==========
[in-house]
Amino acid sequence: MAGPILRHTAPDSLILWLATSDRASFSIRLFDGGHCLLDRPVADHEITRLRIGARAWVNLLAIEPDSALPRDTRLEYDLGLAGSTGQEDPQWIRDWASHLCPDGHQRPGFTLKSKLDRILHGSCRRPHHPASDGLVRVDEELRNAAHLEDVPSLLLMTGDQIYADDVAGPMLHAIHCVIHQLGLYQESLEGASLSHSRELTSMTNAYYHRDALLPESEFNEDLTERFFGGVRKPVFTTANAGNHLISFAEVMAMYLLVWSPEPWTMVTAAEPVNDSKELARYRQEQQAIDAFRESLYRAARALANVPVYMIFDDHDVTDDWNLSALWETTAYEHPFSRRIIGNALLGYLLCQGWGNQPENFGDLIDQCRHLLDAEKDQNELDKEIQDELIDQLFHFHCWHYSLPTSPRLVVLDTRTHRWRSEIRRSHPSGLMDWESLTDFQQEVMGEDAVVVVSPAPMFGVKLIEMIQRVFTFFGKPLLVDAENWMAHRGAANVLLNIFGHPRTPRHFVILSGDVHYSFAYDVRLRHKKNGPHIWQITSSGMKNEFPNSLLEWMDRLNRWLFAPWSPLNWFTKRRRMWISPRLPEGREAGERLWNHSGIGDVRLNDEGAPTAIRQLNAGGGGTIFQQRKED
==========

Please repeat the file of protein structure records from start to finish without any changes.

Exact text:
[in-house]
Amino acid sequence: MAGPILRHTAPDSLILWLATSDRASFSIRLFDGGHCLLDRPVADHEITRLRIGARAWVNLLAIEPDSALPRDTRLEYDLGLAGSTGQEDPQWIRDWASHLCPDGHQRPGFTLKSKLDRILHGSCRRPHHPASDGLVRVDEELRNAAHLEDVPSLLLMTGDQIYADDVAGPMLHAIHCVIHQLGLYQESLEGASLSHSRELTSMTNAYYHRDALLPESEFNEDLTERFFGGVRKPVFTTANAGNHLISFAEVMAMYLLVWSPEPWTMVTAAEPVNDSKELARYRQEQQAIDAFRESLYRAARALANVPVYMIFDDHDVTDDWNLSALWETTAYEHPFSRRIIGNALLGYLLCQGWGNQPENFGDLIDQCRHLLDAEKDQNELDKEIQDELIDQLFHFHCWHYSLPTSPRLVVLDTRTHRWRSEIRRSHPSGLMDWESLTDFQQEVMGEDAVVVVSPAPMFGVKLIEMIQRVFTFFGKPLLVDAENWMAHRGAANVLLNIFGHPRTPRHFVILSGDVHYSFAYDVRLRHKKNGPHIWQITSSGMKNEFPNSLLEWMDRLNRWLFAPWSPLNWFTKRRRMWISPRLPEGREAGERLWNHSGIGDVRLNDEGAPTAIRQLNAGGGGTIFQQRKED